Bike alternators are designed to produce current for charging batteries. The power they can generate is limited by the battery’s capacity and the engine’s rpm. For example, a 500-watt bike alternator might charge a 12-volt car battery at about 10 amps, which would take 8 hours. However, if you have a 24-volt car battery, it could take up to 16 hours for that same 500-watt bike alternator to fully charge it because it has less voltage available to use as a charging current.
The alternator is rated at 400 Watts (over its full temp/speed range). This means it can provide about 28 Amps. Is the likelihood of you ever running the amp capacity on this device? Well, that’s hard to say!
This is why it’s not feasible to charge car batteries with a bike alternator. It would take too long, and you’d need at least two or three times the wattage available from your motorcycle engine.
You might be able to buy a bigger alternator (like 1000 watts) that can produce more current if you have an even larger battery capacity than 24 volts, but this will cost quite a bit of money.
For example, Buell motorcycles used 500-watt bike generators as part of their charging system made by Harley Davidson. These sportbikes had very large 12-volt batteries for an extra range between gas fill-ups up to twice as big in some cases compared to other regular-size motorcycle batteries. But then again, these bikes were made for very long trips along the highway.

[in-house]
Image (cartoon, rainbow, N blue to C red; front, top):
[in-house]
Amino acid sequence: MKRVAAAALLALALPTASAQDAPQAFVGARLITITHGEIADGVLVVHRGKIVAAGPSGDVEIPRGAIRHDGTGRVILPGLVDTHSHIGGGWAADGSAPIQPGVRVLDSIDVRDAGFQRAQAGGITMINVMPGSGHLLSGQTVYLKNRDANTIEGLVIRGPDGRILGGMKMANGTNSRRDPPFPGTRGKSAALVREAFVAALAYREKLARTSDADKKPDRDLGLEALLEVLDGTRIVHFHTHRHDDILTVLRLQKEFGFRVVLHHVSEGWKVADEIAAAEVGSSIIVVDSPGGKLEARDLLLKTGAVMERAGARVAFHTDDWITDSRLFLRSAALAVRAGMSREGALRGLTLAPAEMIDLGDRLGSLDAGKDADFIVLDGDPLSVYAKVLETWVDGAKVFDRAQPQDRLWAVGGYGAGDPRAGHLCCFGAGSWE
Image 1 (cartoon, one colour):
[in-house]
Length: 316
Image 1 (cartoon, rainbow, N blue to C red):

The bottom line is that to charge a car battery from your bike; you’ll need an alternator designed specifically for charging automotive batteries.
The best way is by using one small motorcycle battery and then putting it inside another metal box (like a toolbox) that has enough room on top to hold the extra wires coming out of your car’s charging system.
You could even put some kind of cordless drill or other similar electrical devices inside as well if you want. Because most 12 volt DC devices will work with all kinds of different voltage levels between 11 volts and 14 volts at low current loads like what they might use in cars, especially since there are now so many different types of 12-volt power outlets inside vehicles.
The last thing you’ll need is a way to mount this whole contraption securely on your bike. There are ways of doing this, but I like using the old school “bicycle generator” type brackets that clamp around the down tube and seat post. You can buy these at any hardware store or bicycle shop, and they’re not too expensive. Just make sure it will fit your particular motorcycle model before buying it.
The first and less common type of motorcycle alternator is the automotive-type, externally mounted self-contained “one-piece” unit. It contains all needed to create current output in just one package.
The alternator is a device that generates electricity and distributes it to the bike’s electrical system. This type of mounting makes them external, so they can generate more heat than other internal or exterior-mounted alternatives such as those found on large touring bikes where capacity is required in greater amounts due to their size.
A third option would be an onboard generator which does not require any outside help by way of power production but instead relies solely upon its engine performance.
The alternator is a device that converts the electrical energy from your engine into AC power for use in everyday life. It does this by using magnets and an energized field coil, which form part of its operation depending on its design.